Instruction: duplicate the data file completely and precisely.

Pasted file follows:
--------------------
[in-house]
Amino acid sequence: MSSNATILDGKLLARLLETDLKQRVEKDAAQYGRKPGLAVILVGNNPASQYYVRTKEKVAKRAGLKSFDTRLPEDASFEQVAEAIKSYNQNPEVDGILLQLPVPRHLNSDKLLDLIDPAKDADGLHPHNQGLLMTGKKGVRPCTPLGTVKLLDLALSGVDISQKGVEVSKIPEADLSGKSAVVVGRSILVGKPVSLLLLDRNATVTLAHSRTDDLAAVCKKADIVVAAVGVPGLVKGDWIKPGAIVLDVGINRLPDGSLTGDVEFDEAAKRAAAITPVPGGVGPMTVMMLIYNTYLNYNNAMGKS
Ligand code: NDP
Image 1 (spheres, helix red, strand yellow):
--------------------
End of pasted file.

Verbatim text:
[in-house]
Amino acid sequence: MSSNATILDGKLLARLLETDLKQRVEKDAAQYGRKPGLAVILVGNNPASQYYVRTKEKVAKRAGLKSFDTRLPEDASFEQVAEAIKSYNQNPEVDGILLQLPVPRHLNSDKLLDLIDPAKDADGLHPHNQGLLMTGKKGVRPCTPLGTVKLLDLALSGVDISQKGVEVSKIPEADLSGKSAVVVGRSILVGKPVSLLLLDRNATVTLAHSRTDDLAAVCKKADIVVAAVGVPGLVKGDWIKPGAIVLDVGINRLPDGSLTGDVEFDEAAKRAAAITPVPGGVGPMTVMMLIYNTYLNYNNAMGKS
Ligand code: NDP
Image 1 (spheres, helix red, strand yellow):